Illustration 6.1: Computing Sharpe Ratios for largest U.S. Mutual funds - 1997-2001

In table 6.1, we compute the Sharpe ratios for the 15 largest mutual funds in the United States in March 2002, using data from 1997 to 2001.

Table 6.1: Sharpe Ratios for Large U.S. Mutual Funds: 1997-2001

Fund Name |
Average Return |
Standard deviation |
Sharpe Ratio |

10.72% |
20.82% |
0.51 | |

Vanguard 500 Index |
10.14% |
19.63% |
0.52 |

American Funds Inv Co Amer A |
12.84% |
15.69% |
0.82 |

American Funds Wash Mutual A |
12.36% |
16.64% |
0.74 |

American Funds Growth Fund A |
17.66% |
25.00% |
0.71 |

Fidelity Growth & Income |
10.32% |
16.10% |
0.64 |

Fidelity Contrafund |
11.47% |
18.33% |
0.63 |

American Funds New Prspctv A |
11.82% |
18.33% |
0.64 |

American Funds EuroPacific A |
7.20% |
18.75% |
0.38 |

AmCent Ultra Inv |
10.17% |
26.15% |
0.39 |

Janus |
9.57% |
27.31% |
0.35 |

Vanguard Instl Index |
10.27% |
19.65% |
0.52 |

Fidelity EquityIncome |
10.39% |
17.89% |
0.58 |

S & P 500 |
10.35% |
19.55% |
0.53 |

Note that the American funds delivered Sharpe ratios that were much higher than the S&P 500. In contrast, the Janus fund delivered a lower Sharpe ratio. The two biggest funds, Fidelity Magellan and the Vanguard 500 (not surprisingly), delivered Sharpe ratios that were very similar to the S&P 500.

A close relative of the Sharpe ratio is the information ratio. It is the ratio of the excess return earned by a fund over an index to the excess volatility of this fund to the volatility of the index. To measure the latter, we estimate what is commonly called tracking error, which measures the deviations of the fund returns from the index returns each period over several periods. In its most common form, the excess return over the S&P 500 for a fund is divided by the tracking error of the fund relative to the S&P 500.

Information Ratio = (Return on Strategy - Return on Index)/ Tracking Error versus the Index

Information ratios differ from Sharpe ratios because of their fidelity to an index. In other words, you can have a portfolio with low standard deviation but it can have high tracking error, if it contains stocks that are not in the index. For instance, a portfolio of low risk stocks with low market capitalization may have low standard error but it will still have a high tracking error versus the S&P 500.

In the 1990s, these measures were refined slightly to come up with a measure called M squared.5 Instead of dividing the total return of a strategy or fund by its standard deviation, you compute the expected return you would have had on the fund, if you had to adjust its standard deviation down to that of the index and compare this expected return to the return on the index. For instance, assume that you have a fund with a return of 30% and a standard deviation of 50% and that the return on the S&P 500 is 15% and the standard deviation of the S&P 500 is 20%. To make the fund's standard deviation comparable to that of the S&P 500, you would have had to invest 60% of your money in T.Bills (earning 3%) and 40% in the fund:

Adjusted Standard Deviation of Portfolio = .4 (Std deviation of fund) + .6(0)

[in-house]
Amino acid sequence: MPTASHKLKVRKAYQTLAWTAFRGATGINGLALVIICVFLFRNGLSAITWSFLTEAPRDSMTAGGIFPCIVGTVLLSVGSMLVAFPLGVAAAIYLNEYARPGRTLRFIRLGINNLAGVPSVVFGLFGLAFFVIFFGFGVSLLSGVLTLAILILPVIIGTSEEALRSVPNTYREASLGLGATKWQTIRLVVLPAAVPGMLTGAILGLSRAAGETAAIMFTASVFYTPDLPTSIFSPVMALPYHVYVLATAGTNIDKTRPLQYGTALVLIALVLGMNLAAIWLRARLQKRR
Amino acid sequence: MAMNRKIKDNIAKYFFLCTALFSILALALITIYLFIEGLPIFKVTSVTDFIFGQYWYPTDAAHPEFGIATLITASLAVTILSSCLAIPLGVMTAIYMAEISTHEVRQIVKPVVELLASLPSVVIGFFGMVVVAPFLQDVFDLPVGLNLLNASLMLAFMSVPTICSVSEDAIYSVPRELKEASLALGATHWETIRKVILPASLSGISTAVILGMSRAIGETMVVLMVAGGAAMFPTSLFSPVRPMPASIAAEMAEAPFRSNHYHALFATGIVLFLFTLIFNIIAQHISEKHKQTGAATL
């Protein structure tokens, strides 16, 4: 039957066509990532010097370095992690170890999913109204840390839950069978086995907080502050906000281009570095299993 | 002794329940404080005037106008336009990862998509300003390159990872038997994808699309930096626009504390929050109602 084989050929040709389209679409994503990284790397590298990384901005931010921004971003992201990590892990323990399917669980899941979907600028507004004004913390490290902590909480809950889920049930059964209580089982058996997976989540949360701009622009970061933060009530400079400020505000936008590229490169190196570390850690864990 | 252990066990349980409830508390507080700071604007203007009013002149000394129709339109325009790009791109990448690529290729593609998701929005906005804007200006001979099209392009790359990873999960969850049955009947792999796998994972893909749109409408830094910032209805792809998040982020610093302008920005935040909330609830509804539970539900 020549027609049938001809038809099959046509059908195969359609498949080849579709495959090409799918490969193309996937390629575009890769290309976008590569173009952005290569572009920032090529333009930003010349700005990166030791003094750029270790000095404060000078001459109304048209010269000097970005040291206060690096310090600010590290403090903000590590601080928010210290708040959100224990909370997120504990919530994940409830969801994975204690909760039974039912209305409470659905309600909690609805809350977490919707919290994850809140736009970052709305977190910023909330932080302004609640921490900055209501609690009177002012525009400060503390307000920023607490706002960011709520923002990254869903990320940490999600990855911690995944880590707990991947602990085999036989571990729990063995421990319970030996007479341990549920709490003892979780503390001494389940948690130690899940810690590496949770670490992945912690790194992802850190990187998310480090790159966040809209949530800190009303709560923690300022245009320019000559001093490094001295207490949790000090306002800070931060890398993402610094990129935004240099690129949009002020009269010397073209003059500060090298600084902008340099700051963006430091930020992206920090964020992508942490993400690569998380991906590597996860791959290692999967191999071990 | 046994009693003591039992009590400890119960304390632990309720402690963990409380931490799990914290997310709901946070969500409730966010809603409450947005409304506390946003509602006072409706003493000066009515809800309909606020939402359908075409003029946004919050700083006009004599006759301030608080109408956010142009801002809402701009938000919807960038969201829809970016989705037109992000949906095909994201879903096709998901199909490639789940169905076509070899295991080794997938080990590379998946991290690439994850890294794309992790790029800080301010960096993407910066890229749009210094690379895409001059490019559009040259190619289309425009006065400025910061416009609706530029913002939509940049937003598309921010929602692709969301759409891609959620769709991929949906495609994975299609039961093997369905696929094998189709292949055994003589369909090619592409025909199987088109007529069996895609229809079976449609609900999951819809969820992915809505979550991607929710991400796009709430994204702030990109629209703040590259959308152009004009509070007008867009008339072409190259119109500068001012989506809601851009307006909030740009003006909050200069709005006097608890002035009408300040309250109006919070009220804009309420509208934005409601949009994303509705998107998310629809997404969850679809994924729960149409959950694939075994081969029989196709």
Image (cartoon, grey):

= .4 (50%) = 20% The return on this portfolio can then be calculated: Expected return on portfolio = .4 (30%) + .6 (3%) = 13.8%

Since this return is lower than the S&P's return of 15%, you would categorize this fund as an underperformer.

This measure of performance is closely related to the Sharpe ratio and is susceptible to the same biases. Since the expected return is adjusted to make the risk of the mutual fund similar to that of the index, funds that are not diversified widely across the market will score poorly.

b. Capital Asset Pricing Model

The capital asset pricing model emerged from the mean-variance framework to become the first model for risk and return in finance. In the CAPM, as described in chapter 3, the expected return on an investment can be written as function of its beta:

5 The developed of this measure was Leah Modigliani, a strategist at Morgan Stanley. Without taking anything away from her accomplishments, it is worth noting that she is the daughter of Franco Modigliani, Nobel price winner in Economics.

Expected return = Riskfree rate + Beta (Expected return on market - Riskfree rate) In chapter 2, we used the model to estimate the expected returns for the next period, using the current riskfree rate, the beta and the average premium earned by stocks over the riskfree rate as inputs. In this section, we will consider how the capital asset pricing model can be adapted to judge past performance.

i. Excess Return (Alpha or Jensen's Alpha)

The simplest way to use to the capital asset pricing model to evaluate performance is to compare the actual return to the return your investment or strategy should have made over the evaluation period, given its beta and given what the market did over the period. As an example, assume that you are analyzing a strategy that generated 12% in returns over the last year. Assume that your calculations indicate that the strategy has a beta of 1.2, and that the riskfree rate at the beginning of the last year was 4% and that the return on the market over the last year was 11%. You can compute the excess return as follows: Expected return over last year = 4% + 1.2 (11% - 4%) = 12.4% Excess Return = Actual Return - Expected Return = 12% - 12.4% = -0.4% This strategy under performed the market, after adjusting for risk, by 0.4%. This excess return is also called an abnormal return.